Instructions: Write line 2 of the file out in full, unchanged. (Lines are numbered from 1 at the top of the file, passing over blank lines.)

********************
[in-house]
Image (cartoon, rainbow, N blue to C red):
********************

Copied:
Image (cartoon, rainbow, N blue to C red):